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The role played by the art of sculpture, coinage and portraiture in the ancient world to celebrate the power of rulers has been taken up by advertising in our present time. Through public media like television, images of wealth, status and success are used to enhance ideas like honesty, courage, and common sense. Whether in a political advertisement or a staged “photo-opportunity,” politicians, policies and events are packaged to represent the good intentions and skills of those who propose to lead us. In fact, all advertising is built around the creation of an image which can be understood as both a picture of something and an ideal representing some personal or social good thing: This or that politician tells the truth and is on your side. This product will make you beautiful and popular, the envy of everyone else. In fact, contemporary advertising often equates democratic ideals about the freedom to vote and express opinion with the consumer’s choices about the quality, price and benefits of competing products. To be free is to make choices about the relative merits of products and leaders, life styles and laws.

The following activities incorporate the analysis of images and their accompanying text as used in print advertisements, the design of an advertising campaign for a commonplace object, and the invention of a fictitious political candidate and the development of his or her campaign theme, image, and logo, etc. The activities are not sequential and can be addressed individually.

Learning Objectives
Students will:

  • Analyze images using several perspectives or entry points
  • Create images and develop accompanying texts that support a specific purpose or function
  • Assess the effectiveness of collected images and those of their own creation

Estimated Time
Homework; 1 classroom period


  • Advertisement collected from magazines
  • Drawing materials and paper
  • Access to photocopier
  • Tape

Grades 9-12

National Standards for Arts Education

  • Using knowledge of structures and functions.
  • Students demonstrate the ability to form and defend judgments about the characteristics and structures to accomplish commercial, personal, communal, or other purposes of art.
  • Making connections between visual arts and other disciplines.
  • Students compare the materials, technologies, media, and processes of the visual arts with those of other arts disciplines as they are used in creation and other types of analysis.


View images of Persian reliefs, the tomb of Philip of Macedon, and Augustus included in the Gallery, and discuss how they reflect the ideas described above and relate to contemporary advertising. (See Image Galleries)

Classroom Activities

    Have students bring magazine advertisements to class. Discuss the basic elements in an advertisement: picture, captions, description, logos, intended audience. How does the advertisement makes its case? What does it ask the viewer or consumer to believe or care about? What words does the advertisement use, how do they explain or emphasize the picture and vice versa? After this discussion, have students describe the design and messages in their ads.

    While a material like gold used in ancient sculpture was both scarce and beautiful, products that advertising asks us to buy are not always hard to find or unusual. Sometimes they are not even things we really need. It is advertising’s goal to get us to believe in their value as things we might enjoy and need to have. Divide the class into groups, and assign each an everyday object, i.e. a spoon, toothbrush, rubber duck, pencil. The goal of each group is to create an ad campaign that will present their common object as something--whether rare, essential, glamorous or magical--that will change the lives of those that own it.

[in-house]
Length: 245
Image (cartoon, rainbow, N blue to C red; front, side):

What would you say about a political candidate to make him or her seem important, honest, intelligent, practical, brave, on your side? Divide the class into groups and assign each an ideal candidate represented by a photograph from a book or magazine. Each group should then name the candidate, and his or her party, and then imagine a campaign theme with ideas, slogans and a representative picture or logo. What does the politician promise and how will he or she accomplish their goals?

    Once they have developed their approach, each student group should create two campaign posters: One picturing the candidate and campaign slogan, the other presenting his or her ideas. These should be photocopied and posted around school. Have students ask others at school for their response and then discuss in class the overall success or failure of the campaigns.

    Student may wish to view again the images of Augustus included in the Gallery, noting how his image was developed and refined.

Online Resources

About the Authors

Toby Tannenbaum is currently the Director of Education, at the Los Angeles County Museum of Art. She was previously Associate Director of Education at The Museum of Contemporary Art, Los Angeles (MOCA). Tannenbaum has served as part-time faculty in the School of Critical Studies, California Institute of the Arts, as adjunct faculty in the School of Fine Arts and the School of Education at the University of Southern California, and as an assistant professor of art education at California State University, Los Angeles.

Paul Zelevansky is an artist and writer living in Los Angeles. He has published widely on the use of text and image, web art, popular culture and educational and aesthetic theory and has taught at several schools in the Los Angeles area on visual culture, artists books, design and art history. His website is a collection of flash animation loops which explore language, philosophy, and storytelling.